Where to Find Me by Alba Arikha – Book Review

Where to Find Me by Alba Arikha – Book Review

Where to Find Me by Alba Arikha

Where to Find Me

Author – Alba Arikha
Publisher – Alma Books
Pages – 288
Released – 20th September 2018
ISBN-13 – 978-1846884481
Format – ebook, paperback, hardcover
Review by – Stacey
Rating – 3 Stars
I received a free copy of this book.
This post contains affiliate links.
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Hannah Karalis, a teenager living with her family in 1980s Notting Hill, becomes fascinated by her neighbour, Flora Dobbs, an enigmatic elderly woman who has clearly had an interesting past – but the improbable friendship that the two strike up is abruptly cut short by Flora’s sudden departure from the neighbourhood. Eighteen years later, Hannah is astonished to receive a black notebook, which sets her on a quest to discover the truth and to confront the ghosts of an unresolved past.

A gripping and poignant tale of chance encounters, tangled lies and painful discoveries, Where to Find Me is an inspiring account of how to face and overcome the effects of loss and tragedy in our daily lives.

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Jewish Flora Baum was a teenager when the Germans invaded her home town, Paris, France. She tried to get her parents to see reason and to flee but her father was a stubborn man who believed that they would leave their family alone as he knew important people, how wrong he was.

Her mother was taken first followed by her father whilst Flora hid in the basement of local friends and then out in the country with a family. When the war ended Flora decided to travel to Palestine to live. From there she fell in love with a man who was not all he first seemed. From there she returned to Paris and then onto London where she married a Pianist.

Move forward to the 1980s and teenage Hannah Karalis lives in Notting Hill, London with her family. She longs to be a writer and is taken with her elderly neighbour Flora, that is until Flora ups and leaves without a trace one night.

The book moves forward again in time, this time by nineteen years and Hannah is left a box of books by her old friend Flora, her memoirs. The books are very intriguing, especially as they contain information on Flora’s remarkable life and details about Flora’s past that she had tried to forget about for many, many years.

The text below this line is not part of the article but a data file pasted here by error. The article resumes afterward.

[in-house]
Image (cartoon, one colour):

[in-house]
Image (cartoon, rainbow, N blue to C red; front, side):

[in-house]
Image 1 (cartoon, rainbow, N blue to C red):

Where to Find Me was a mixed bag for me. The plot was interesting and I adored both Flora and Hannah. However, the writing wasn’t to my liking. It was told in the first person, split into two sections and then again in two voices, Hannah’s and Flora’s. It moved back and forth in time and the sentences were very short so I never found there was any flow within the pages.

I did enjoy the historical element of the book which was realistic and informative. The later years were more about the intrigue of what Flora had written and how her words impacted on both of hers and Hannah’s lives in different ways.

This was one of those books that I plodded through at a slow pace rather than rushed through. I was captivated enough by the story to want to finish the book but the writing style made it a hard slog rather than an enjoyable read.

Book Reviewer – Stacey

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About the Author

Alba Arikha was born and raised in Paris, in an artistic household. Her father was the painter Avigdor Arikha, her mother is the poet Anne Atik. She studied the piano for many years before turning to writing. She completed her BA in comparative literature between the US and Paris, which also included a stint in film scoring, at the Ecole Normale de Musique.

She has written five books, and been translated into seven languages. Her first novel Muse, was published under the name Alba Branca by Macmillan in 1999, and completed after studying for an MFA at Columbia University. A collection of short stories, ‘Walking on Ice,’ (Pan books) followed, in 2000. Stories from that collection were published in Open City magazine. One of them, The Yellow Slippers, is part of the 2011 anthology ‘Stories from 20 years of Open City.’

Various of her other stories and articles have appeared in Tatler magazine, Antique and New Art, the Journal of Art and the Indian Quarterly. Alba’s translations have appeared in the New Republic and the Other Press. She was also involved in the translation of the French bestseller, ‘Indignez vous!’ by Stephane Hessel, published by Charles Glass books, and is a regular contributor to Spear’s magazine.

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What did you think of Where to Find Me? Share your thoughts in the comment section below!

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8 Responses

  1. Nadene says:

    Sorry to hear about the writing style. Glad to know you still managed to enjoy in spite of the style of writing. Great review.

  2. DJ Sakata says:

    Too bad it wasn’t fully enjoyable for you, sounds like a good story

  3. It’s a shame the writing style didn’t work for you, because the story sounds lovely.

  4. Great honest review Stacey, I’m sorry the writing style was not to your like but I’m glad that overall you enjoyed reading this book. Thank you so much for sharing your awesome post.

  5. Ashleigh says:

    Lovely review

  6. Gayathri says:

    I am sorry it didn’t work well for you. But the plot sounds intriguing.

  7. Robin Loves Reading says:

    Sorry this didn’t hit the mark for you. Thank you for sharing.